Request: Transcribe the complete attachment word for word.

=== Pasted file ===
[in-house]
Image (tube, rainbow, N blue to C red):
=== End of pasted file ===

[in-house]
Image (tube, rainbow, N blue to C red):